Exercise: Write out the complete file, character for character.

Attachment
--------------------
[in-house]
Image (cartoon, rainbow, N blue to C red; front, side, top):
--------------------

[in-house]
Image (cartoon, rainbow, N blue to C red; front, side, top):